Right. So the below write up is thanks to some good guys over on the various FZ9/MT09 forums. I’ve expanded on some of the ideas for clarity, so if others feel so inclined can follow.
So my three biggest gripes about the fuzzy9 are as follows
ONE: Lack of wind protection. Yes I’m fully aware that it’s a naked bike, but speeds above 120 km/h are a literal pain in the neck. Problem solved with the MRA Vario touring screen from TT. The spoiler is adjustable and does an excellent job of keeping the wind at bay and the bike usable out on the open road. It works for my 5’9″ frame. The fitting it was a snap, and it fit with the stock turn signals nicely, making them look smaller, and less gawky. Screen sorted.
TWO: Seat. After my quite enjoyable 3000 or so km on the 9, the seat basically broke my fat ass. It’s a roomy seat, not too grippy or slippery, but the slope. Good grief. Based on a post from one of the FZ9 forum members I replaced the stock seat bumpers (roughly about 3/8″ to a 3/4″ bumper) with little effect. When I got home, I went one further with the cheap, or in my case free seat mod.
Here’s what you need:
- A grout sponge. I scored mine for FREE! Yes when you have connections like I do, you can get free shit, like grout sponges. Thanks Fred, you’re the best man.
- A upholstery stapler gun for re-fastening the stock vinyl seat cover
- Patience, and time. Don’t rush it, because you will screw up your stock seat cover, and then need to get it fixed by a professional seat upholsterer guy or gal.
- Small flat blade screw driver, and side cutters to cut the stock staples
Here’s what you do. Put the seat on a flat clean bench upside down. I Only removed the staples about halfway up the seat. No need to go any further. Take your time pulling out the stock staples. Once done, pull off the stock foam (mine was held in with about 4 or so staples). Take your FREE sponge and place it length wise on the seat (front to back). Your free sponge will go between the seat pan, and stock foam.
Replace your stock foam, and staple in place. Take the stock vinyl cover, and pull it over the front of the seat. With the vinyl pulled firmly start stapling the seat back. Keep the staples as high up inside the seat as possible, this will prevent them from going through, and piercing the seat vinyl on the other side. Take your time, and it will come out pretty decent.
This will eliminate the slope of the seat, and make the bike a lot more rideable.
THREE: Exhaust. There’s not a lot wrong with the 9’s stock exhaust. Yes it’s heavy, but it’s down low. More importantly it’s able to survive the zombie apocalypse. Two things are keeping me from pulling the trigger on an aftermarket system:
- one, price. Sorry, but to have to drop $900 on a full system that needs to be repacked every 10,000km or so is simply not my thing. I love a good aftermarket exhaust like the next guy, but there’s a better way (read: CHEAPER). A nice man from S.L.U.T (Salt Lake UTah) found a way around that. Moar of that below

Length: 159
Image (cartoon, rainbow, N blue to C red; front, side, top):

- Since the bike will be used daily, I need it to be fairly quiet, but not too quiet. Waking up the hood at 545am is not a good thing.
- As mentioned above..repacking the aftermarket can. This thing is under the bike, getting crapped on by both wheels. It will see a lot of action, and will need attention. The stock muffler needs a wipe, once in a life time.
- Cost. Hell if this mod does not suit your taste, after you’re done with it, leave it, and move on to a aftermarket exhaust, or chop your stock headers past the OD sensor and go for a slip on. If you play your cards right, it will not cost you much.
What you need:
- A welding machine, or better yet a buddy that you did some work for, and now he’s doing the welding for you for FREE!
- Some 2″ OD pipe (18 gauge or 16 is perfectly fine)
Here’s what you have to do:
- Remove the muffler from the bike
- Take off the three allen screws that hold the finishing tip on
- Cut the stock pipe at the second weld (closest to the muffler). Don’t be a muppet and cut it flush with the muffler (as I have done) thus creating a whole lot more work than really needed.
- Clean up the cut, and weld on roughly 6″ of pipe. You will need to squish the end of the pipe to resemble the finishing tip opening. Tack it in four places Fit your finishing tip to make sure the whole thing lines up.
- mark up where you want the tip cut off, and errmmm cut it off.
- As mentioned before, I was a tool, and cut the pipe past the weld. This basically cocked things up, and made it difficult to do the welding. We ended up cutting the 2″ pipe about 3-3.5″ away from the muffler body, and not bothering to have the exhaust tip coming out of the finishing tip.
- I reinstalled the whole thing, took it for a rip, and I’m pleased. The sound is louder, and deeper. You can hear the bike run, as intended. No heat issues to speak of, if the current set up annoys me. I’ll go down to the local crappy tire (automotive store to you non canukistanis) and buy the next size smaller exhaust pipe, fit it into my current exhaust pipe, and have the tip exiting out as per OEM set up.
FOUR: Tank size. Nothing I can do with this one. I have a good tank bag, that mounts/dismounts easily. I’ll mostly be a city bike, so the tank range doesn’t bother me. It didn’t bother me in California, so we’re good there.